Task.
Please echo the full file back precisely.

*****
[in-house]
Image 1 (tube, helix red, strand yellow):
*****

[in-house]
Image 1 (tube, helix red, strand yellow):